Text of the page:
By: Madeline Walsh
April 28, 2014
They say fame changes you.
The task of catering to a newfound popularity with a steady moral compass has split many artists in two. For street artists who call the gallery their second home, reconciling the opposing spheres of their career is something they constantly consider. How do you combine your past with your present when you move your work in from outdoors? San Francisco-grown Barry McGee exemplifies this struggle in his current creative process.
A graduate of the San Francisco Art Institute, Barry McGee began his career as a graffiti artist in the 1980s and member of the Mission School art movement in the early 1990s. Named after it’s home base, San Francisco’s Mission District, the movement focused primarily on folk and urban themes. These aesthetic features correlated with both the Mission’s street culture and the popular art world’s larger “lowbrow” movement.
Early in his career, McGee went by many monikers including: Twist, Fong, R. Pimple and Bernon Vernon (to name a few). But nowadays, he seems to be juggling entirely different aesthetics rather than just tags. In Vanity Fair and Cadillac’s joint production, “Art in the Streets,” Adam Sheffer of Cheim & Read Gallery says McGee is “an artist for everybody.” But with McGee’s transition to curated spaces, how has that idea of “everybody” changed? Is his art really for everybody or every body that is welcome into galleries and can afford museum admission?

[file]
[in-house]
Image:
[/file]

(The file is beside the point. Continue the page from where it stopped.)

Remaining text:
McGee’s Street persona is a gritty, rugged, reflection of San Francisco’s equally rough streets. His images, frequently found on empty bottles or coupled with scrap heaps, depict modern people’s inherent suffering. Many of McGee’s droopy-eyed characters represent a downtrodden, urban population cast out by mainstream society. McGee’s Gallery self, on the other hand, shifts the focus to mash-ups of geometric shapes, words, and wall clusters. While these collages bring in elements of McGee’s former street career, it is certainly more uplifting and refined.
Yet, McGee’s work has not lost all of its urban fire. The artist frequently introduces ideas of the “outside” or “outside materials” to gallery spaces in multiple ways. A lot of his recent work demonstrates this idea by defying canvas boundaries, with paintings that literally spill out out of their frames. Other times, his exhibits include found-object sculptures and dismantled cars from city streets. In a 2004 exhibition for Australia’s Kaldor Public Art Projects, McGee physically recreates an outside space indoors. As seen in “The Stars Were Aligned…,” McGee has constructed a sidewalk and an entryway shaped like an outdoor garage. Bringing the “outside” in, may be McGee’s way of methodically reconciling the two sides of his creative legacy. This fracture and reassemblage of cultural boundaries may eventually eliminate the idea of these two separate worlds.
McGee’s different flavors of art may not necessarily be of unequal value. In fact, the real art may lie in McGee’s balancing act of work in and outside the gallery. Although McGee continues to make notable creative contributions, are his indoor works helping end the graffiti world that got him started? Is McGee’s visual switch in identity just an indicator of how environment impacts expression? Or does his evolution point to the fact that people grow and change? How much of this change has been spurred by fame? This type of conflict is an ordinary human struggle that informs our history, literature and art. In our everyday lives we juggle identities, such as our private and work selves. While we adhere to cultural constructs, how much of our integrity is compromised by our “inside” and “outside” manners?
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